Back in October, Amazon.com (NASDAQ:AMZN) launched its new "Login and Pay With Amazon" service, which effectively allows customers of third-party websites to more easily process electronic payments using their existing Amazon credentials.
Given the roughly 215 million active user accounts maintained by Amazon, the payment service boasts massive potential to positively affect the online retail behemoth's bottom line. But not everyone was convinced, especially since many of the sites targeted for the service are arguably competitors with Amazon.
But earlier this week, Amazon reminded us of its massive Marketplace Sellers platform, a community of more than 2 million businesses of all sizes that sells billions of dollars' worth of products on Amazon.com each year. In fact, Amazon says, its number of active Marketplace sellers rose by more than 65% in 2013.
According to the Fool's Steve Symington in the following video, that goes to show Amazon has no intention of simply leaving smaller businesses in the dust as it continues to grow. What's more, this also indicates a significant number of smaller retailers -- many of which also operate their own websites and brick-and-mortar locations -- are more than happy to embrace Amazon's world-class infrastructure.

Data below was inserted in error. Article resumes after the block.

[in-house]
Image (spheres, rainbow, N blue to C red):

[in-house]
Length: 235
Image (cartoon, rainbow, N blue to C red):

To hear Steve's full take on why this could portend good things for Amazon's payment service going forward, check out the video.
Consider our CIO's top stock for 2014
There's a huge difference between a good stock, and a stock that can make you rich. Steve believes Amazon belongs in the latter category, but that doesn't mean it's the only great stock our market has to offer.
In fact, The Motley Fool's chief investment officer has just selected his No. 1 stock for 2014, and it's another one of those stocks that could make you rich. You can find out which stock it is in the special free report: "The Motley Fool's Top Stock for 2014." Just click here to access the report and find out the name of this under-the-radar company.
Fool contributor Steve Symington has no position in any stocks mentioned. The Motley Fool recommends and owns shares of Amazon.com and eBay. Try any of our Foolish newsletter services free for 30 days. We Fools don't all hold the same opinions, but we all believe that considering a diverse range of insights makes us better investors. The Motley Fool has a disclosure policy.